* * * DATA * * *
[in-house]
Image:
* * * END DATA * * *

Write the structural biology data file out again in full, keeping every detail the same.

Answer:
[in-house]
Image: